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Changing a BA to Bsc - why is my uni so weird? watch

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    Right, I go to Lancaster Uni and I am currently on the BA Accounting & Finance.

    But I was told by my Director of Studies that I can change it to Bsc by just filling in a form - UCAS confirms that the title of my degree is a BA/Bsc Accounting & Finance. Apparently the modules I chose has no bearing on the title of my degree - it is really a simple case of changing the degree title..

    The weird thing is... why the hell are we allowed to choose whether we want BA or Bsc lol... why don't make it a default Bsc degree because it will be seen as more 'valuable' anyway...

    Anyone else have the same problem at their uni?:woo:
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    they did it with economics as well at your uni
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    But why? Who in their right mind will choose a BA over a Bsc?
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    Sometimes a BSc means that you'll have to take more sciencey/mathsy courses to get that particular title, so some people who wanted a more scientific/mathematical slant on their subject would go for a BSc, and some wouldn't and they'd opt for the BA. Clearly that isn't universal though.
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    It's not at all unusual, particularly for Economics. Usually you do have to have taken certain modules to qualify, but that may have been possible as part of your degree. It's like the fact that I do BA History and Politics, but could have chosen to take the same modules as somebody doing BA International History and International Politics. Essentially, it's the same degree, just slightly more restrictive.
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    This is quite comment at certain universities with economics, however they have required modules for the BSc version. To be quite honest, I've no idea what Lancaster is up to. Anyway, I wouldn't worry about it and simply choose the BSc.
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    (Original post by verticalforce)
    But why? Who in their right mind will choose a BA over a Bsc?
    Well I would, seeing as I want to do English. A BSc has no more value than a BA at all.
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    (Original post by RNBen)
    Well I would, seeing as I want to do English. A BSc has no more value than a BA at all.
    In very quantitative courses it can make a difference.
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    (Original post by RNBen)
    Well I would, seeing as I want to do English. A BSc has no more value than a BA at all.
    BSc in econ is usually a signifier of more maths content and less theory. Could be relevant for some jobs.
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    (Original post by .ACS.)
    In very quantitative courses it can make a difference.
    Yes, but then you would be studying a BSc, what I am saying is those who think that a BA has any less value than a BSc are either ignorant or wants to believe that their BSc makes them of a higher value to those studying a BA.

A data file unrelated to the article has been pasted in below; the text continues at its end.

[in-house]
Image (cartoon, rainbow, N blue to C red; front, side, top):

(Original post by numb3rb0y)
    BSc in econ is usually a signifier of more maths content and less theory. Could be relevant for some jobs.
    If you were applying for a job that involved a lot of maths, etc, then yes, a BSc would be more relevant. However, in other positions a BA would be much more relevant, for example, if going in to the travel industry then someone with a BA in Tourism Management would have a more valuable degree than the person with a maths degree.

    It is all relative to the field in which one wants to work in later in life, a BSc is no more valuable than a BA and a BA is no more valuable than a BSc when one wants to merely compare the two without any real significance attached to the argument. It is impossible to compare the two.
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    (Original post by RNBen)
    Well I would, seeing as I want to do English. A BSc has no more value than a BA at all.
    Well I was referring to my degree course. Of course it doesn't make any sense to have a BSc in English.

    We are given choice irrespective of modules that we chose, to graduate with either a BA or BSc and from my point of view, BSc in Accounting will always be looked at more favourably than a BA.
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    (Original post by RNBen)
    Yes, but then you would be studying a BSc, what I am saying is those who think that a BA has any less value than a BSc are either ignorant or wants to believe that their BSc makes them of a higher value to those studying a BA.
    Not necessarily. In the field of economics this is a very contentious issue. The discipline itself is supposed to be very quantitative, yet many universities offer it as a BA and also water down the mathematical content.

    That said, I do agree if we're comparing a BA in one discipline with a BSc in another that the point is moot and neither is more valuable per se than the other.
 
 
 
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